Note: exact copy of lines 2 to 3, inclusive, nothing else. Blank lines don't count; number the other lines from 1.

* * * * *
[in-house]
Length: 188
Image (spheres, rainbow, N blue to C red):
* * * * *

Length: 188
Image (spheres, rainbow, N blue to C red):